Onstage: Review: Gilgamesh in Uruk (G.I. in Iraq)

The ancient tale of Gilgamesh provides insight into what makes us human

 
Performance Gallery


Derek Snow is a wild man worn down by the attentions of Lindsay Valitchka as the goddess of love and vengeance in Gilgamesh in Uruk: G.I. in Iraq.



Perhaps the activity that most makes us human is our ability to tell stories. One of the oldest stories ever told is the epic of Gilgamesh, a tyrant king whose adventures were first written down approximately 5,000 years ago in Sumeria, a part of the world sometimes called the cradle of civilization — and today called Iraq.

Cincinnati playwright Blake Bowden has translated and retold that mythic story faithfully while using a filter that makes it timely and meaningful to contemporary audiences. It's currently onstage at the Aronoff Center's black box in a production by Performance Gallery, a group that excels at pushing boundaries and plumbing the depths of theatrical texts. They've come up with a winner in Gilgamesh in Uruk: G.I. in Iraq, a highly inventive, genuinely emotional and roundly entertaining piece of theater.

Here's how it works: Two soldiers, Josh (Peter Moore) and Ken (Derek Snow), are outside a base in Iraq. Josh is about to return home, but he fears the future. Nearby is the body of a dead Iraqi woman.

The victim of post-traumatic stress disorder, Josh won't admit he's been suffering from bad dreams. Ken tries to calm him with Middle Eastern music on his iPod, melodies that change the mood and morph the storytelling into a mythic realm.

Moore becomes King Gilgamesh, while Snow evolves into a wild man from the wilderness who is first Gilgamesh's opponent and then his greatest friend, Enkidu.

Gilgamesh decides to establish his legacy by traveling to a faraway land and slaying a monster, Humbaba (Aretta Baumgardner, with technical assistance from Daniel Britt and Jim Prues). He does so and returns victorious to Uruk, but his legacy is far from guaranteed. In fact, he angers the gods, who take Enkidu from him.

For the balance of the story, Gilgamesh wanders in search of answers to his grief and in hopes of making himself whole again. As the story concludes, we return to present-day Iraq where the stories told take on new meaning.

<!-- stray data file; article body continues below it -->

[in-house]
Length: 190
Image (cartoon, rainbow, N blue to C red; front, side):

Bowden, who also serves as a member of the ensemble cast (he's especially amusing as a bong-smoking fellow who won't let Gilgamesh pass his mountain), has found the universal elements within this ancient tale and translated them into amusing and thoughtful episodes that teach Gilgamesh — and the audience — lessons about leading a satisfying life. Along the way, we see the true value of storytelling: At the play's end, as the soldiers part company, Ken tells Josh that the best way to connect with others is via stories. "Give me a story," he says. "I soak that right up." What's more, he adds, "Be willing to share stories and hear the stories of others," even if they differ from your own.

Bowden's previous playwriting — he adapted J.R.R. Tolkien's The Lord of the Rings trilogy into three plays presented locally in 2001, 2002 and 2003 — was also absorbed by the process of storytelling, but it was closely tied to his source material in a way that never quite stood on its own. With Gilgamesh, and with the collaborative mindset of Performance Gallery, he has elevated myth to a profound level of meaning — while still providing some memorable entertainment during the two-and-a-half hour performance.

That's also the result of strong work by director Regina Pugh and a cast consisting of Bowden, Daryl Harris, Jodie Linver, Willemien Patterson, Adam Standley and Lindsey Valitchka. They represent the gods who dictate and shape the lives of mortals, but they also take on other roles — often quite humorous and occasionally touching.

Harris and Patterson as the immortal Utnapishtim and his wife become a kvetching Jewish couple; Valitchka is a sexy Ishtar, goddess of love and vengeance, who makes an irate cell phone call to her parents Anu (Harris) and Aruru (Patterson) when Gilgamesh rejects her amorous advances. Standley is especially amusing as Urshanabi, played as a quirky, turban-wearing collector of stone dwarfs, whom Gilgamesh convinces to sail him across the Sea of Death.

Snow and Moore are excellent as the stalwart heroes, articulate in their thoughtfulness (Moore balances his portrait of the tyrannical Gilgamesh against the soldier Josh, more of an angry country boy) and physically imposing when playing their god-like characters. Under Pugh's guidance, the company becomes a true ensemble, supporting and drawing upon one another to advance the story of the play — and the stories of us all. This work would bear multiple viewings, because there's much going on.

A few scenes last too long: the battle with Humbaba, a cleverly conceived construction of pipe, black drapes and video screens enlivened by Baumgardner, is impressive but it lumbers after two or three minutes.

Nevertheless, Gilgamesh in Uruk: G.I. in Iraq is a fine piece of creative alternative theater, the sort that keeps hungry Cincinnati audiences coming back for more. And that's a story worth telling. Grade: A-




GILGAMESH IN URUK: G.I. IN IRAQ, presented by Performance Gallery at the Aronoff Center's Fifth Third Bank Theater, continues through Sunday. See times, buy tickets and find nearby bars and restaurants here.

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